Thursday, October 16, 2008

Too Innocent To Wear The Poverty Badge

My life is a story of packing up and moving out. I was only ten the first time I left home. I could still recall the tears rolling down my mother’s cheeks as she packed my things in a nice little trunk. I and my sister Maria were to leave for the city the next morning. We should be thrilled. Every child in the village thought we were lucky. It was everybody’s dream to see the big city. That night before we left, we tried to talk our father out of his decision to let us study under the missionary nuns in the city. We told him we would rather study in the local school, having studied there for the past three years. We did not want to leave our friends. My father dismissed as silly our protestation. I saw my mom shake her head as father tried to convince us everything was for our own good. I knew she understood the torment we were going through. I guess because women invest much of their lives in caring and nurturing they understand the pain involved in uprooting yourself from what I call your world space. That evening, my sister and I cried ourselves to sleep.

My father was right about the big city. It was a beautiful place where lights danced at night and people never went to sleep. He was also right about big stores where we could find plenty of chocolates and toys. I smile as I remember that each time I pass those stores, I could not resist dipping my hands into my pockets trying to search for some pennies I know were not there. I wasn't alone longing for what I can not get. The picture of dirty-faced kids in tattered clothes just staring at the candies with their sunken eyes and protruding bellies being shoved out by the store's security guard is still etched in my mind. I remember writing to my parents about these children. I guess even as a child, I was already puzzled as to how a place can shimmer in such glitter and look so alive while its children roam the streets wearing empty looks in their unwashed faces.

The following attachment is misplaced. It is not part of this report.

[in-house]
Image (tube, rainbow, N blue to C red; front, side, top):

There was something on those dirty faces that I found disturbing. Back in our village, as kids, we got dirty playing and having fun or helping our parents in the farm but always it was a nice excuse to go to the river for a long fun filled swim. Folks in our village encouraged children to play and enjoy themselves. We chose to be dirty and getting dirty was fun. It could not be true for those kids. Being dirty was no choice. Just like their protruding bellies thrusting out on their fragile frame, the thick dirt that lined their skin was a badge of poverty they were forced to wear on their innocent bodies.

My dad told me I was going to love watching the sunset in the city. I thought that was silly. Sunsets just come and go as sunsets did in my village. What was to love about it? No, it was not silly. Watching the sunset by the sea which fringed the city was an experience of a lifetime. The breathtaking show of the sun changing its hue as it was devoured by the sea still play on my mind. The sea by itself looked enchanting. It was hard to resist its calls for one to go naked and play with its waves. I remembered the children. They must have heard the call. Did they ever respond to the it? Did they ever savor the luxury of dipping into the sea's cool blue water? If they didn't, could it be that their empty bellies muffled the sweet calling sound so they could not respond to the sea's invitation? Or could it be that they tried but their bodies were just too emaciated to even try wrestling with the waves? Damn! Were those the questions I should be asking?

Note: This is a revised version of the original which first appeared on my main blog, Before The Sun Sets. I intended it to be a social commentary when I first wrote it but while it received lots of favorable comments, none of the readers saw it from that lens which I understand.


  1. That's a beautiful piece of writing.

    I was born and raised in a third world country. There was much poverty. But the children did not go hungry, nor were they overly dirty.

    You paint a bittersweet picture.

  2. I enjoyed your post very much.

    Also, I tried to use your search bar at the bottom of the page but it does not seem to be working. You might want to check it out.